China Coast Guard Again Fires Water Cannons at Philippine Vessels Near Disputed Shoal

Recent Features

ASEAN Beat | Security | Southeast Asia

China Coast Guard Again Fires Water Cannons at Philippine Vessels Near Disputed Shoal

The incident near Chinese-occupied Scarborough Shoal caused damage to two vessels, the Philippine government said.

China Coast Guard Again Fires Water Cannons at Philippine Vessels Near Disputed Shoal

In this image made from video provided by the Philippine Coast Guard, Philippine Coast Guard vessel, BRP Bagacay is water cannoned by Chinese Coast Guards as it tried to approach the waters near Scarborough Shoal in the South China Sea, April 30, 2024.

Credit: Philippine Coast Guard via AP

Chinese coast guard ships have again fired high-pressure water cannons at two Philippine patrol vessels near the disputed Scarborough Shoal in the South China Sea, the Philippine government said yesterday, in the latest in a long line of incidents.

Philippine Coast Guard (PCG) spokesperson Jay Tarriela said in a statement that the PCG vessel BRP Bagacay and fishery patrol ship BRP Bankaw were carrying out “a legitimate maritime patrol” in the waters near Scarborough Shoal when they “encountered dangerous maneuvers and obstruction from four China Coast Guard [CCG] vessels and six Chinese maritime militia vessels.”

Chinese vessels fired water cannons at the BRP Bankaw first, damaging its electrical, navigation, and radio systems, and afterwards at the BRP Bagacay, damaging part of its deck railing and a canopy, he said. A video shot by reporters on board the BRP Bankaw appears to show the ship colliding with a CCG vessel, which proceeds to fire its water cannon at the ship’s radar navigation system from close range.

In a separate statement, the country’s National Task Force for the West Philippine Sea described the Chinese behavior as “illegal and irresponsible,” and said that it “highlights its egregious disregard for the Philippines’ lawful exercise of its rights and entitlements in our own Exclusive Economic Zone,” or EEZ.

Scarborough Shoal, known to Manila as Baja de Masinloc, lies around 198 kilometers due west of Luzon island, well within the Philippines’ EEZ. But the triangular shoal fell under China’s control after a 10-week stand-off with the Philippines in 2012 and the CCG has maintained a permanent presence there ever since.

While the Chinese authorities had for a time permitted Filipino fishermen to visit the shoal, it has moved to restrict this access over the past 18 months, as the two nations have engaged in intense stand-offs across the South China Sea.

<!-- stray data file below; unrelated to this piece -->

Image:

Tarriela added that the China Coast Guard had “once again installed a 380-meter floating barrier that covers the entire entrance of the shoal, effectively restricting access to the area.” Chinese authorities last year installed a similar barrier, which was subsequently removed by the PCG.

He added that despite the “harassment and provocative actions,” the Philippine vessels completed the patrol. “They were not deterred and will persist in carrying out their legitimate operations to support Filipino fishermen and ensure their safety,” he said.

China’s state media confirmed yesterday that Chinese ships had expelled two Philippine vessels that “intruded into the waters adjacent to Huangyan Dao,” as Beijing refers to the shoal. A spokesperson for the CCG China also confirmed the incident, defending its actions as “professional, standardized, and legal,” Radio Free Asia reported. The spokesperson added that the Philippines’ actions “infringe on China’s sovereignty and seriously violate international law and basic norms of international relations.”

This use of force by the CCG has become routine in the South China Sea, as Beijing has become more forceful about enforcing its expansive “nine-dash line” claims, particularly against the Philippines. Along with Scarborough Shoal, the other major flashpoint has been Second Thomas Shoal in the Spratly Islands, some 630 kilometers to the south, where the Philippines maintains an outpost in a grounded World War II-era warship. The past 18 months have seen repeated confrontations between CCG and Philippine vessels in the waters around the shoal, in which Chinese vessels have rammed and fired water cannons at PCG patrol boats and civilian supply vessels, in a bid to prevent them from resupplying the Philippine marines stationed on the shoal.

At the moment, it remains unclear whether this pattern of escalation will end. Philippine President Ferdinand Marcos Jr. has pledged not to cede “an inch” of Philippine territory to China, while Beijing continues to treat Manila and its claims with haughty disdain.

While the current Chinese actions are calibrated to fall short of acts of war, they have now repeatedly resulted in substantial material damage to Philippine vessels, the prospect that one of these incidents could prompt a more significant clash cannot be discounted. The United States government has affirmed on numerous occasions that any armed Chinese attack on Philippine territory, vessels, or personnel in the South China Sea will oblige it to come to the Philippines’ aid under the 1951 Mutual Defense Treaty.

To an extent, of course, the distinction between acts of “enforcement” and acts of war is a semantic one – a high-pressure water cannon is in many functional senses a weapon – but with diplomatic efforts to resolve the stand-off seemingly stalled, this question could determine whether or not the South China Sea disputes ultimately escalate into an armed conflict.